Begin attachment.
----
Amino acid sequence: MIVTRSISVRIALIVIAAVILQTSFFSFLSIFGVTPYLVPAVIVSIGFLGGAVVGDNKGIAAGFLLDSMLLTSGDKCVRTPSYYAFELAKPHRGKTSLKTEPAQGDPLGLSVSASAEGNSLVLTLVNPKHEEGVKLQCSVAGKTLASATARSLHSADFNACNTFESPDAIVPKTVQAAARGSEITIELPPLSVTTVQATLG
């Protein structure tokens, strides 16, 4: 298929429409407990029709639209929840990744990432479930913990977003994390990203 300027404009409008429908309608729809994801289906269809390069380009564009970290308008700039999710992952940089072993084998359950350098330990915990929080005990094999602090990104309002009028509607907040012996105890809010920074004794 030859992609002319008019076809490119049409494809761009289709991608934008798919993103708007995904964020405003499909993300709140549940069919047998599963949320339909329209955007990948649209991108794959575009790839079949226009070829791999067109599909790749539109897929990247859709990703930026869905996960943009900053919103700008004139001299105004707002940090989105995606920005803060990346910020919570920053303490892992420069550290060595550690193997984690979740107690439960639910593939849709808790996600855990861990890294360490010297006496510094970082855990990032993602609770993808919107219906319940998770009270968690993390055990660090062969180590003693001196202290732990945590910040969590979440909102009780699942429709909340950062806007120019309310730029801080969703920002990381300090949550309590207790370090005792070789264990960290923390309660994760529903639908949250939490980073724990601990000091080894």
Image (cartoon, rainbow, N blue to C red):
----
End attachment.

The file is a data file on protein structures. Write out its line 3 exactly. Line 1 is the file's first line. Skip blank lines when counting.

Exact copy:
Image (cartoon, rainbow, N blue to C red):